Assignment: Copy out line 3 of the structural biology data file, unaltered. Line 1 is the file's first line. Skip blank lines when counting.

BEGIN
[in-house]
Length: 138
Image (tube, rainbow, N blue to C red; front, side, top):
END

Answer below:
Image (tube, rainbow, N blue to C red; front, side, top):